Epigenomic Engineering of Stem Cell-Derived Pancreatic Cells

Contact PI: Jeffrey Millman, Washington University School of Medicine in St. Louis

Start Date: 
September 2022

HIRN Catalyst Award Recipient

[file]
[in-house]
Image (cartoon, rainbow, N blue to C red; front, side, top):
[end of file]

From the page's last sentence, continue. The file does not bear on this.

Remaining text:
Epigenetics and chromatin accessibility have been shown to play an important role in cellular differentiation. While studies of epigenetics and chromatin accessibility have been broadly applied to developmental biology and stem cell biology, there has been no significant biological relevance applied within the context of stem cell-derived islet (SC-islet) development and maturation. SC-islets provide a revolutionary platform for both Type 1 diabetes (T1D) cell replacement therapy and in vitro modeling of diabetes pathogenesis. Using a temporal combination of small molecules and growth factors to recreate pancreatic development via activation and inhibition of developmental signaling pathways, we and others have determined the soluble and insoluble signals necessary to generate SC-islets capable of dynamic glucose-stimulated insulin secretion from human pluripotent stem cells (hPSCs). SC-islets can restore blood glucose homeostasis in diabetic mice and exhibit other features of primary human islets, such as expression of key transcription factors, heterogenous endocrine cell populations, and biphasic glucose-stimulated insulin secretion. However, two significant challenges limit the utility of SC-islets for cell replacement therapy and disease modeling: (1) SC-islets are functionally and transcriptionally immature compared to primary human islets and (2) existing protocols generate non-pancreatic off-target cell populations, specifically enterochromaffin cells (SC-ECs). The overarching goal of this proposal is to improve our understanding of the epigenetics of SC-islets and utilize this knowledge to influence cell fate choices during SC-islet differentiation. This will result in an improved SC-islet product that would be a powerful tool for studying stem cell biology, engineering islet tissue, modeling diabetes pathophysiology, and discovering novel T1D therapeutics. Thus, this proposal directly supports the goals set forth by HIRN, and more specifically the Consortium on Human Islet Biomimetics. Further, the application of novel multiomic sequencing to uncover fundamentally new insights related to SC-islets meets the needs of the Catalyst Award Program. To this end, the proposed research will generate new valuable insights through the following specific aims: (1) Identify cell-specific epigenomic regulators during SC-islet development, and (2) Develop optimized protocol to generate SC-islets through epigenetic modulation. Our approach utilizes the most advanced multiomic single cell sequencing available to simultaneously profile gene expression and open chromatin from the same cell. Thus, the proposed multimodal assessment of SC-islet development will provide the most detailed characterization of gene regulation and cell fate to date. This knowledge will not only provide an invaluable resource for the broader HIRN community, but also stimulate novel hypotheses to advance T1D research.






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